Savor the days

This year’s countdown to the holidays began on October 31st when people started decorating for Christmas and department stores rolled out their holiday advertising campaigns. Blame it on the pandemic, or the thirst for diversion from the nightly news. People are ready to party like never before to make up for last year’s masked-up isolated non-get-togethers. Covid burnout has fueled the fire for bigger-than-ever celebrations. Omicron be damned!

At the end of November, Thanksgiving passed with nary a blip on my social radar. Just another Thursday night dinner with more family than usual. The day disappeared quicker than the leftover turkey.

December turned the calendar into one last hanging page on the wall. All the other months are sitting in the recycling bin waiting to be ground into pulp for next year’s calendar. The inevitable countdown to Christmas can’t be stopped now! I bought advent calenders for my grandchildren so they could open the tiny cardboard doors and find miniature chocolate treats to mark the days until December 25th. They were already three days behind by the time I got the calendars to them. They got to enjoy their first three treats all at once. The children were happy, but it made me realize just how fast this month is flying. 

I working hard to savor these pre-holiday days. I waited for some mild weather to string Christmas lights on my house. I assembled a family of reindeer on my lawn. I savored untangling the knotted lights I should have tested before they made their way to the front porch. I savored stringing my perfectly placed icicle-shaped lights hanging over the porch railing (and I savored the re-stringing of them after my wife told me I hung them in the wrong place). I even savored the excitement of trying to find the correct connections of the plugs to make sure everything would light up when I finally plugged in my extension cord. 

I savored decorating my Christmas tree with my grandchildren. Their annual sleepover didn’t generate much sleeping, but it did produce a beautiful looking tree displayed in my living room. I even held the holiday spirit close to my heart the next day when my wife asked me to move the perfectly decorated tree away from the corner wall and closer to the sofa so she could fit more gifts underneath it. Moving a fully decorated tree two feet to the right without breaking anything was a challenge. Moving a fully decorated tree back to its original position after my wife decided it looked better before “we” moved it was even more of a challenge. 

With only a couple of weekends left until the holiday, I’m savoring my trips doing errands around town. The town common looks beautiful. On the side streets, there are definitely more holiday lights shining this year than last year. It seems like it anyway. Maybe I’m just noticing them more because I’m not fully consumed with worries about the pandemic. My worries are still there, they’ve just been pushed little further back on my list of “priority worries”.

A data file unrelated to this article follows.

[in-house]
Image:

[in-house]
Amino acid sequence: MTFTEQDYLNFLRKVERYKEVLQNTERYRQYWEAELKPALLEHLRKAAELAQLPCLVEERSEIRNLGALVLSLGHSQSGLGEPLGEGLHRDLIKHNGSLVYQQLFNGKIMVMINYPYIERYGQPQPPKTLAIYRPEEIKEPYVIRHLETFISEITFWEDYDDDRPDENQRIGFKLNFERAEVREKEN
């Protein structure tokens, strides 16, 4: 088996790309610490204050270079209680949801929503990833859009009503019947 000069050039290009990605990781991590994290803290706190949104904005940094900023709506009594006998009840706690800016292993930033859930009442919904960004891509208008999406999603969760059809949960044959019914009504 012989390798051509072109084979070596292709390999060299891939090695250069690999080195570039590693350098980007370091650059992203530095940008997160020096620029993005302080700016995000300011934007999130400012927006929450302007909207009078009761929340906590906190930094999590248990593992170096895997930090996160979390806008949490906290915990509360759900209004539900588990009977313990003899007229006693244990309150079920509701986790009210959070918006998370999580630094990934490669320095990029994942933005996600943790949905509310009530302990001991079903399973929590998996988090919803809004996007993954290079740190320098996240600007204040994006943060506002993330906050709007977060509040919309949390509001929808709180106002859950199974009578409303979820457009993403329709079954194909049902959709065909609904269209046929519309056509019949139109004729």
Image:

I’m trying to shop smarter for Christmas this year. I’m not running willy-nilly into BJ’s loading up one of their triple-sized shopping carts with whatever catches my eye. I’ve ordered my wife’s “big gift” online so that eliminates some of the pressure. I just hope it navigates its way through the supply chain by Christmas Eve and survives being kidnapped by porch pirates once it arrives. Let’s just say “BJ’s as Plan B” is not off the table yet.

This year, I’m looking forward to the holiday traditions I missed in 2020. I’m excited to attend a Christmas party with a Yankee Swap. This event always produces top-notch gift selections (except for the 2019 party when an outside guest not understanding the concept of a “family” party brought marijuana edibles for the swap. Although I hear Nana loved her gift).

Before the yuletide rises over my head, I want to take time to remember the religious aspect of the holiday which easily gets lost in the consumer shuffle. Let’s all take a moment and think about the true meaning of the holiday. Have we gone too far? Are we beyond the need for religion when the internet offers us anything and everything at our fingertips at the press of a button? I’m waiting for someone to ask me what I want for Christmas. My response will be “I want less.” I don’t think I’ve ever heard anyone say that before. So savor the days leading up to the holidays. Oh, and one more thing, just remember to breathe.

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